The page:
Demand-side-platform (DSP) fee: A figure guarded by agencies the Colonel’s 11 herbs and spices. In the past, the DSP fee could swing wildly from one agency to the next, making it a bragging right of negotiation prowess and market influence. Today, however, DSP fees have become predictable and commoditized.

Here's the lay of the land on DSP fees that can significantly impact your total cost. In fact, the DSP fee is not “one” fee. It is a menu of fees.

  • Open Market Fee: This is like diving headfirst into the crowded pool of the open marketplace. The DSP fees are at their peak here as you're essentially trying to gulp from the market's firehose, seeking the maximum number of available impressions. You can narrow down your choices by targeting segments and other criteria, but the depth of partner curation is quite shallow.
  • Private Market Place Fees (PMP): In the world of PMP, it's all about exclusivity. Your agency, acting as your suave emissary, negotiates a deal with a publisher or group of publishers for privileged access to their inventory. Think of it as the VIP lounge of ad buying. However, you are not the only VIP. Private marketplaces can be one-to-one or one-to-many. In other words, you might be the only approved buyer in a certain deal, while in others, you may still be competing with multiple buyers. PMP deals usually come with a different DSP fee compared to the bustling bazaar of the open market. It's wise to request these fees, as a percentage of spend, to be laid bare in your pitch.
  • Programmatic Guarantee Deals: This is the lovechild of traditional ad buying and programmatic's targeting capabilities. The publisher agrees to sell a fixed amount of inventory at a guaranteed rate. You can play around with personalized creative or decide which product ad to serve a consumer within the reserved inventory.
  • Preferred Deal (or the elusive "first look"): Picture this as a somewhat commitment-phobic version of reserved deals. The advertiser gets to purchase a publisher's inventory at a fixed price but without being tied down to a specific number of impressions. It's like being allowed to peek at each auction item and decide whether you want to bid or not. This deal type is growing more and more rare.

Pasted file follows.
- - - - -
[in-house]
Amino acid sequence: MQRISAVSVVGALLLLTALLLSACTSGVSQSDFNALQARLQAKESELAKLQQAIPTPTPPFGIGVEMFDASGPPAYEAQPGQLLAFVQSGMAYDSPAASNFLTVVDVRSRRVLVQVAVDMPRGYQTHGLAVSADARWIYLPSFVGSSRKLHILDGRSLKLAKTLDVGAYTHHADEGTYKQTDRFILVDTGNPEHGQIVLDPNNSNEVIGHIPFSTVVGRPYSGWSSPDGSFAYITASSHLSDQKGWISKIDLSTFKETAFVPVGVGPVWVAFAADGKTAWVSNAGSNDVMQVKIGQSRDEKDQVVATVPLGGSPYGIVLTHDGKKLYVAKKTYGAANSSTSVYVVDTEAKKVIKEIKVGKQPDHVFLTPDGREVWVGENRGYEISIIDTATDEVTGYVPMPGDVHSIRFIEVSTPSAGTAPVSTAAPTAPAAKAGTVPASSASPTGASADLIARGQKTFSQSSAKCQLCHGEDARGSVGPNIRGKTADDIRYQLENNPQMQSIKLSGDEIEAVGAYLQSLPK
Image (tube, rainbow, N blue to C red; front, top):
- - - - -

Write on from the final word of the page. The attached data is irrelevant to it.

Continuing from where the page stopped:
• Programmatic Owned & Operated Inventory: Some DSPs are part of larger conglomerates that also own their own publishing inventory. This setup is somewhat akin to a family business - if you use the company's DSP to buy its inventory, the DSP fees are usually quite low. It's their way of nudging you to buy more of the inventory they own. The programmatic fees are low because the seller is presumably making a margin on the price of the inventory itself.

Consider this: we've just parsed out five different campaign activation types, each sporting its own range of fees as variable as a weather forecast. Add to this a variety of ad servers and verification vendors to choose from.

Now, multiply these scenarios by the number of scaled DSPs in the market. There are about 5 to 8 key players that virtually everyone uses. The result? You're left facing a kaleidoscope of possible scenarios, a matrix of hundreds and hundreds of variations that could impact your pass-through costs.

So next time you're sifting through agency pitches and finding it as challenging as comparing apples to orangutans, remember the complexity of the programmatic landscape.

Targeting Data

The data and tools used to segment and target and audience in programmatic come in many, many forms. There's a sprawling marketplace of data and segment providers nestled within the DSP, agency-loaded segments via proprietary tools, and of course, your own first-party data.